From startups to leading global companies, Greater Fort Lauderdale provides a stimulating and supportive business environment for success in the life sciences. Allergan, Stryker and Teva are among the major medical device, biomedical, pharmaceutical and clinical research companies with R&D, manufacturing and distribution facilities in Greater Fort Lauderdale.
As a region, South Florida is home to one of the nation's most dynamic industry clusters with convenient access to leading research institutes and academic institutions. To the north are Scripps Florida, Max Planck Florida Institute, and Torrey Pines Institute for Molecular Studies. In Greater Fort Lauderdale – a longtime home for many biomedical companies – Nova Southeastern University is expanding its life science research facilities, and to the south, the University of Miami's Miller School of Medicine is investing in its biomedical research and commercialization programs. The region's academic institutions, research parks and economic development organizations have joined together to form Life Sciences South Florida (LifeSciencesSF.org).
On a statewide level, BioFlorida is the voice of Florida's life sciences industry with regional chapters that represent nearly 5,500 establishments and research organizations in the biotechnology, pharmaceuticals, medical devices/diagnostics and bioagriculture sectors. BioFlorida's initiatives provide a strong business climate for the advancement of innovative products that improve lives and promote economic benefits to the state.
Another collaborative asset is the Florida Institute for the Commercialization of Public Research, which facilitates the creation of spin-off companies from technology developed at Florida's publicly funded research institutions. The institute provides support services, including building relationships with seasoned entrepreneurs, in order to hasten the growth of commercially viable discoveries.
South Florida is home to approximately 1,500 bioscience businesses and institutions that employ more than 26,000 people and generate over $4 billion in sales, according to recent surveys. More than 200 research projects are currently underway at Nova Southeastern University (NSU), including studies on cardiovascular disease, anti-cancer therapies, chronic fatigue syndrome, autism, coral reef restoration, stem cells and wildlife DNA forensics, among other subjects.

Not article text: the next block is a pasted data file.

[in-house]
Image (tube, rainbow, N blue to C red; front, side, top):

Currently, NSU is developing a new 215,000-square-foot Center for Collaborative Research (CCR) for medical, pharmaceutical, dental, and oceanographic research with construction expected to be completed in 2016.
The 215,000 square-foot CCR will provide wet labs for many of NSU's innovative researchers, as well as a General Clinical Research Center, which is an outpatient facility with a centralized clinical research infrastructure for investigators in multiple disciplines.
The center will also house NSU's Institute for Neuro-Immune Medicine; Rumbaugh-Goodwin Institute for Cancer Research; the Emil Buehler Research Center for Engineering, Science and Mathematics; and Broward County's only private incubator for information security businesses. The U.S. Geological Survey (USGS) is expected to occupy the entire first floor of the CCR. The USGS and NSU will partner on collaborative inter-disciplinary research involving greater Everglades restoration efforts, hydrology and water resources, and more.
Florida Atlantic University's Institute for Ocean and Systems Engineering (SeaTech) – is located in Dania Beach. Established in 1997 as a state-funded Type II research center, the institute is part of FAU's Department of Ocean Engineering. Its team of world-class faculty members, engineers, technicians and students are engaged in federally and industry-sponsored ocean engineering research and technology development in the areas of acoustics, marine vehicles, hydrodynamics and physical oceanography, marine materials and nanocomposites.
For more information on life sciences companies, see www.gflalliance.org
Greater Fort Lauderdale